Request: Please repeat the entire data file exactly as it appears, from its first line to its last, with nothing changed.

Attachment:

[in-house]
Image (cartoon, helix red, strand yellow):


[in-house]
Image (cartoon, helix red, strand yellow):